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    1. The Beginner’s Guide to WordPress Taxonomies: Themes or Plugins?

      In this series, we're taking a look at what WordPress taxonomies are, their definition, when to use them, and how to incorporate them into our themes. To make sure we're covering this in as much detail as possible, we're approaching this from the perspective of a beginner.

      As mentioned in the first post in the series, this series isn't aimed only at beginners. Perhaps you're an intermediate WordPress developer who is looking to begin branching out into new APIs and implementing new features into your work and taxonomies fit the bill for exactly that.

      Whatever the case, we're doing what we can to make sure that you're armed with as much information as possible when it comes to incorporating custom taxonomies into your WordPress projects.

      Why vs. When

      Before we look at an actual implementation of how to incorporate taxonomies, we need to talk about some of the challenges that come with incorporating taxonomies into our work.

      Specifically, should taxonomies be included as part of a theme or in a plugin? This question is really more of a question of "why should we include taxonomies this way?" and "when should we include taxonomies this way?"

      And to answer that, it's important to distinguish between the two options that we have and how data is stored.

      How The Data Is Stored

      First, let's discuss how taxonomies are stored internally within WordPress. Taxonomies consist of two components: A taxonomy and a term.

      1. A taxonomy represents how information is grouped together.
      2. A term represents the type of data that belongs to that taxonomy.

      For example, when thinking of Post Formats, the taxonomy is Post Format and the terms are Standard, Video, Image, Link, and so on. Similarly, another taxonomy may be Photography and the terms may be Film and Digital.

      In the most basic case, the default WordPress taxonomy and term pairing is Category and Uncategorized that's provided with every installation.

      Now, from here, it's important to understand how this data is managed in the WordPress database. There are three database tables each of which play a role in the relationship between taxonomies and their associated terms.

      Assuming that you're working with the default installation (that is, the table prefix is wp_), then you'll have the following tables each with the corresponding responsibilities:

      1. wp_terms represents the terms that belong to various taxonomies. This means that if you have a Photography taxonomy with two terms being Film and Digital and you have a taxonomy called Type with Color and Black and White being terms, then Film, Digital, and Color will all reside within the wp_terms table.
      2. wp_term_taxonomy is a database table that's responsible for storing the description of the terms stored in the wp_terms table. Say, for example, you have a Color term and the term is described as "Photographs that are developed in vibrant colors." Then this description would reside in the wp_term_taxonomy table.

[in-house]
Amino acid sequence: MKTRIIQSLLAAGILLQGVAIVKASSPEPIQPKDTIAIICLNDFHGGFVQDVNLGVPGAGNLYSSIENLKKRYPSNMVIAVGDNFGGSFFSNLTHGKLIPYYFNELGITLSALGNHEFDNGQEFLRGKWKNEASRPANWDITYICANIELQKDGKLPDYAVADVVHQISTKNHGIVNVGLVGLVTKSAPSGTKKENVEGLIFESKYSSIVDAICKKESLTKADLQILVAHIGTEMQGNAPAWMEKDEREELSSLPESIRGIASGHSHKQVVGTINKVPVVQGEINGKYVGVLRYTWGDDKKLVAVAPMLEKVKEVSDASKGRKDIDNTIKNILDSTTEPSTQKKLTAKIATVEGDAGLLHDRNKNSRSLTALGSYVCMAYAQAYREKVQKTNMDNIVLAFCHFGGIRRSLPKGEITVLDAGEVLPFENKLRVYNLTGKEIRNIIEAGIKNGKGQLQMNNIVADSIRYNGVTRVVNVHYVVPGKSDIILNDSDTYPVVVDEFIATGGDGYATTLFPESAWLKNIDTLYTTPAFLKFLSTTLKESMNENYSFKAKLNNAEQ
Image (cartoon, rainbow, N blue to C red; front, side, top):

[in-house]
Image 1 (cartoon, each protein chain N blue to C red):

3. The wp_term_relationships is arguably the one that has the largest learning curve for new developers. This table maintains the connection between what taxonomies are related to which post types. For example, given a default installation, this table will store the relationship between the category term and each post to which it is associated.

      Now that we have an understanding as to how data is stored, we can discuss when taxonomies make sense within the context of themes and within the context of plugins.

      Themes or Plugins?

      Generally speaking, a good rule of thumb is to note that WordPress themes should be for presentation of data and plugins should be for functionality. That is, themes provide the format for how the data looks, and plugins extend core functionality of WordPress.

      There is also the notion of extensions which are like theme-specific plugins and plugin-specific plugins, but that's beyond the scope of this article. For now, let's keep the discussion at the level of themes and plugins.

      Let's say that you are working on a theme and you want to introduce a custom taxonomy into the theme. In keeping consistent with our examples used throughout the series, let's say that you want to create a portfolio theme and you want to introduce Photography taxonomy. After all, the theme is going to allow users to showcase their work.

      Then, let's say that you want to work on the same theme in a year or so but you want to perform a major upgrade. Perhaps you want to generalize the taxonomies so that people don't have to use it just for photography. Instead, they can use it for short poems or writings, drawings, and so on. 

      The problem is that you now have the Photography taxonomy hardcoded into the theme such that everyone who uses it and installs it gets that particular taxonomy regardless of if they want to showcase photography or not.

      Sure, it's completely possible to rebuild the theme from the ground up and abstract the taxonomy function into something more general, but what happens for the users who want to upgrade? Do they lose the data that they've spent months or years working with? How is their data going to be organized? Are they stuck with the current version of the theme with which they're working?

      Obviously, there's a lot to consider whenever you're working on a theme like this. But that's where the importance of segmenting presentation and functionality comes into play.